Delivery of childhood immunization services for migrant populations and host communities in Kenya

April 29, 2020

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The theme for the 2020 World Immunization Week is “Vaccines Work for All,” a slogan that celebrates the heroic efforts of the people who have ensured that no child is left behind. Indeed immunization is an indisputable public health intervention that has enormously reduced the global burden of vaccine-preventable deaths [1]. In Kenya, the current childhood immunization coverage stands at 82% compared to 68% in 2015 [2, 3]This is in part due to the expansion and intensification of immunization services in the country. While the improvement in the immunization coverage is an essential achievement in the war against vaccine-preventable deaths, we recognize that our work is not complete until no child is left behind. 

Considerable immunization gaps have become apparent, with evidence of the most acute deficiencies observed among migrants and host communities. In 2011, following an outbreak of measles in Eastleigh, an ethnic Somali community dominated by migrants in Nairobi, the Ministry of Health stepped up its active surveillance and analysis of surveillance information to identify all areas reaching the threshold for outbreaks [4]. The World Health Organization surveillance data showed a pattern of spread from Eastleigh to all of Nairobi and from Nairobi to most rural parts of Kenya [5].

Diverse typologies of migrant communities are hosted in Kenya from neighboring countries such as Sudan, Somali, Tanzania, Ethiopia, and Uganda. In a search for greener pastures, we have witnessed communities move from war-prone areas, areas where climate change is slowly tightening its grip on farmers, all in a bid for families to find alternative means of livelihoods. Mobile pastoralists are on the move with the animals and families year-round in continuous search of fresh pasture and water. Furthermore, rural-rural migration takes place to tea, flower, and sugar plantations. Therein lies an impending problem. 

Mobility presents a significant threat to gains made on immunization not only to the migrant population but also to the host communities. Mass immunization campaigns targeting children left behind are widespread in Kenya, especially in border counties perceived to be prone to outbreaks due to the immigration of high-risk unimmunized children from conflict areas. However, because of the unknown denominator populations to be targeted for immunization in the host communities, the majority of the children continue to miss out on vaccination. Sporadic outbreaks of vaccine-preventable diseases such as measles are still prevalent in host communities despite the targeted campaigns. The denominator data for immunization coverage are inaccurate since the projections are made from national census data that do not account for population growth as a result of immigration. This creates two fundamental problems: over-reporting of the immunization coverage painting a false hope, and failure to identify unimmunized children, thus no appropriate response from the health system of the host country or humanitarian organizations.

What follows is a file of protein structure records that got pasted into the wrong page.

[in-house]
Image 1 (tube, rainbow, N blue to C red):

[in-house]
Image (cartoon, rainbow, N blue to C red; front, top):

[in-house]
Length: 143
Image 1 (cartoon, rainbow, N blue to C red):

Access to and delivery of vaccinations to migrants is ingrained in the concept of person-centered-healthcare services. This is underscored in the government’s commitment to the Universal health coverage as one the pillars for socio-economic transformation. Ultimately, equitable immunization for this vulnerable group is one of the priority issues in Kenya and an important consideration for achieving global and regional targets to eliminate vaccine-preventable deaths. Without developing and refining novel approaches to track and reach the vulnerable children of the migrants and host communities, outbreaks of vaccine-preventable disease in these settings may persist and spread across subnational and international borders. Implementing interventions that focus on the delivery strategies to fit the context and realities of migrant populations and host communities may save lives and help close this equity gap.

References

1. Andre, F.E., et al., Vaccination greatly reduces disease, disability, death and inequity worldwide. Bulletin of the World health organization, 2008. 86: p. 140-146.

2. Ministry of Health. Exploring strategies to achieve 100% immunization coverage. 2019  [cited 2020 28th April]; Available from: http://www.health.go.ke/exploring-strategies-to-achieve-100-immunization-coverage/.

3. Kenya National Bureau of Statistics (KNBS) and ICF International. Kenya Demographic and Health Survey (KDHS), Kenya Demographic and Health Survey (KDHS). 2014

4. Manakongtreecheep, K. and R. Davis, A review of measles control in Kenya, with focus on recent innovations. The Pan African Medical Journal, 2017. 27(Suppl 3).

5. International Federation of Red Cross and Red Crescent Society, Measles Outbreak. DREF Operation no. MDRKE017. 2011.

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